What Moves Us? Music Moves Us!
[The Calhoun Chronicle, Winter 2014, by Jim Byrne ]
While the economic climate has led many schools across the country to shutter their music programs or, at best, relegate them to the endangered species list, the approach at Calhoun has been exactly the opposite. Simply put, the music program here has exploded.
Today, students can choose from a variety of music classes in strings, brass, wind instruments, chorus and chamber music as well as in percussion, keyboard, jazz improvisation and lyric writing. In fact, there are more than 20 music electives in the Upper School; in Middle School, in addition to chorus, instrumental (winds/brass) and strings, students can opt for classes like Electronic Music Lab or the newest offering, Introduction to Jazz Improvisation.
The tremendous growth in the music program has been spurred in part by scientific evidence that proves the enormous impact the study of music can have on brain development. But it is also reflective of Calhoun's historic dedication to integrating the arts seamlessly into academic studies. Plus, teachers and student musicians alike point to the collaborative nature of music performance, the discipline it instills, and, not insignificant, the sheer joy and fun that music brings. Head of School Steve Nelson, a serious violinist who once served as president of Detroit's Center for Creative Studies, Institute of Music and Dance, says his experience with and passion for music was probably why he was hired. “Certainly I was clear in my intentions when I came to Calhoun that music is an important part of overall education of kids and adults and just of humanity in general."
Shortly after arriving at Calhoun in 1998, Steve teamed with Lower School Director Kathleen Clinesmith and her husband, music teacher Ben Clinesmith who had come to Calhoun in the early '90s after running youth orchestras and working in music education to plan a strings program. Their first hire for the fledgling strings program, launched in 2002, was violin and piano virtuoso Victor Lin, who, as fate would have it, met Steve while both were Rollerblading in Central Park. “The only reason I stopped to talk to him was I needed to know who this dude with the silver hair was who had rocketed past me," says Victor.
Music teacher Brian Coogan recalls that there was “hardly any music at all" when he joined the school in 1990 as the sole instrumental teacher and band conductor. “There were some recorders and a 'music appreciation course,' whatever that means," recalls Brian. “We started with five clarinets and continued to grow over the years."
Today, there are close to 200 students in the Middle and Upper School instrumental program, performing in the all-school orchestra, Community Orchestra, chamber ensemble, band, percussion ensemble, wind and brass ensembles, and one of seven jazz ensembles…not to mention another 80 in choral groups.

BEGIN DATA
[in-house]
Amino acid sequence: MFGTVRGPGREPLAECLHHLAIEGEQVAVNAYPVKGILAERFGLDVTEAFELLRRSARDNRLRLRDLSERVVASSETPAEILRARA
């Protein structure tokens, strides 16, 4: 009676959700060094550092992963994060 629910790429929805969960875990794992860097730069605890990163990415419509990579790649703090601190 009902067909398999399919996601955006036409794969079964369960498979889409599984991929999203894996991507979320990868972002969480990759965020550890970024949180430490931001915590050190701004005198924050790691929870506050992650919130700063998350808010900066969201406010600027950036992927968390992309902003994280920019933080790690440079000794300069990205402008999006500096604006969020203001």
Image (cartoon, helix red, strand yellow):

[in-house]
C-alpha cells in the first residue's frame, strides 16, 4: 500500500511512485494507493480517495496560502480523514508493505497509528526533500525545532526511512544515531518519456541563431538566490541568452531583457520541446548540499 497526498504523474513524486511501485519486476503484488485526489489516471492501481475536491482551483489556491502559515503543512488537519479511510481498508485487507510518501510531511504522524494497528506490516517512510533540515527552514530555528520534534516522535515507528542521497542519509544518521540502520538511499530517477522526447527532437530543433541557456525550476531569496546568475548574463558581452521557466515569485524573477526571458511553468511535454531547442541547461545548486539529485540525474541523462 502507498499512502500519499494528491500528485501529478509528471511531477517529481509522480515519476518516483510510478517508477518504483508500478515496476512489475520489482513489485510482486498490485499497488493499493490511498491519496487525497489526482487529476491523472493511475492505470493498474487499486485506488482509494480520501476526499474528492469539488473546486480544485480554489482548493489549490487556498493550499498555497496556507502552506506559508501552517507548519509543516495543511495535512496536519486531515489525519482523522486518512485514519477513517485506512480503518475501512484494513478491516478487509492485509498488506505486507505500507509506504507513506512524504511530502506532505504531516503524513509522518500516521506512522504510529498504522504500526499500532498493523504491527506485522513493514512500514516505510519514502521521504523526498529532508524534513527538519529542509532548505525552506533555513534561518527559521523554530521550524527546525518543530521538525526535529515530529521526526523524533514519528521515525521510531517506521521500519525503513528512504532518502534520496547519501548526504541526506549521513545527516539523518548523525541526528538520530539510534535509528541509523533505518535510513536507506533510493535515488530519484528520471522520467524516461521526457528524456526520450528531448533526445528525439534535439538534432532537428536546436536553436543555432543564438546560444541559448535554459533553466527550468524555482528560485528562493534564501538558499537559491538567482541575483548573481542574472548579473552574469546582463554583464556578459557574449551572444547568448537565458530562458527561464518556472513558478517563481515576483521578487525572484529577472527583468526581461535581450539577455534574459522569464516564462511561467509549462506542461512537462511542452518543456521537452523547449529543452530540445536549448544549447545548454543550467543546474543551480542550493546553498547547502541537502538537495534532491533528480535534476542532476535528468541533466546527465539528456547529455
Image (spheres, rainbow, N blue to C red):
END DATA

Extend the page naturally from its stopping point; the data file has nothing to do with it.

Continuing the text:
Brian says the growth of the instrumental program really kicked in when the 81st Street building almost doubled in size, in time for the 2004–05 school year. The expanded building included the addition of four new floors--providing several music rehearsal rooms and a new performing arts center. Teachers like Brian, who had worked in the basement (or “down in the dungeon," as he referred to it), suddenly had their own space…and with that extra room came increased flexibility for more small-group instruction, more rehearsal space and an increased performance schedule.
The physical expansion of the school also opened the door for the music program to add electives and hire additional music teachers, including adjuncts who could provide specialization—sometimes one-on-one. “Our program has developed this sort of specialization, which is simply remarkable for a music program in a school that isn't a conservatory," says Steve. Aside from the professional music faculty, the school is populated by an unusual number of academic teachers who happen to be talented musicians. In the Lower School alone, math teacher Anthony Yacobellis is also a punk-rock musician and concert promoter; math teacher Austin Applegate is an accomplished guitarist who also gives after-school music lessons; and kindergarten teacher Tina LoGuidice moonlights as the lead singer in a rock band.
“In some cases, we didn't even know they were musicians at the time they were hired," says Steve. But because he believes in “hiring interesting human beings who can do more than just teach within their discipline," he says he's not surprised that Calhoun ends up with a disproportionately high number of teachers who are also musicians. The best part is, their passion for music frequently finds its way into the classroom, so students get exposed to music all the time—both inside and outside of the music program.
Music as Interdisciplinary Partner
Music is, in fact, interwoven with curriculum in all divisions, reflecting Calhoun's mission to seamlessly integrate the arts with other academic studies.
Debbie Morenzi, who incorporates world music into her work with Calhoun's youngest as the LS74 music specialist, notes that music is a wonderful resource for teaching social studies. “It helps the children understand the world better, and assists with issues of diversity and antiracism by allowing for a better understanding of someone else's lifestyle," she says.
Ben Clinesmith's “Sing It, Say It" program, which he debuted at Calhoun in 1993, uses music to help teach and reinforce reading, writing and math skills to first graders. Simple songs are broken down into measures and beats, and the vibrations that make up actual sound can be counted mathematically and charted in terms of waves on a graph.
An increasing body of scientific evidence supports Ben's approach, that the study of music is actually related to the acquisition of math skills as well as reading, says Steve, who points to recent research that shows that parts of the brain developed by music actually have to do with linguistics and mastering both oral and written language.